Sulfur Dioxide Damage to Plants
Click for larger image Air pollution (sulfur dioxide) on blackberry (Rubus). R. L. Anderson, USFS,

Sulfur dioxide is primarily a result of fossil fuel burning for electricity generation and to a lesser degree, the processing of steel and other ores. Damage to plants by sulfur dioxide (S02) has formerly been concentrated around the industrial sources of the pollutant. Where such emitters of this pollutant have either closed or erected tall stacks, intense local damage has ceased, and revegetation has begun. When sulfur dioxide enters the atmosphere from taller stacks, it becomes more widely distributed and greatly diluted before reaching ground level. Therefore, acute injury by sulfur dioxide has become less common.

Symptoms and Diagnosis

Acute foliar injury by sulfur dioxide is indicated by bleached or pigmented (tan to reddish brown or dark brown, depending on species) necrotic interveinal areas on broad-leaved plants and chlorotic spots and bands or brown tips on needles of conifers. Young leaves that have attained full size are generally most sensitive.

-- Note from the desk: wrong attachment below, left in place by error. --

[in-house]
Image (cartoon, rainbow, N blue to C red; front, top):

Life Cycle

Sulfur dioxide causes injury when it and its sulfite derivative are absorbed faster than they are detoxified. The gas is oxidized successively to sulfite and sulfate, which interfere with photosynthesis and energy metabolism. Sulfite is about 30 times more toxic than sulfate. The latter, in modest doses, is used as a sulfur source for normal growth and development. Plants injured by sulfur dioxide have an abnormally high foliar sulfur content for a time, which is diagnostically useful if appropriate standards are available for comparison.

Plants vary widely in tolerance to sulfur dioxide because of the differences in the efficiency with which they absorb the gas and the plant’s ability to detoxify the pollutant and dispose of excess sulfur. Much sulfur absorbed by leaves is translocated to other plant parts, thus diluting it.

Trees growing in shade show less damage than trees growing in full sun.

Integrated Pest Management Strategies

1. Maintain plant vigor. Plants in good health resist all type of injury better than weakened plants. Water in times of drought. Fertilize when needed. Soil should be porous, well-draining, and not compacted.

2. Select plants. Select plants tolerant of air pollutants.

3. Reduce emissions. Reduce emissions from the source when possible.

Organic Strategies

Strategies 2 and 3 are strictly organic approaches. Using an appropriate organic fertilizer would be a viable organic approach to Strategy 1.

More images:

Click for larger image
Sulfur dioxide damage on pine needles (Pinus spp.). J. O'Brien, USFS,
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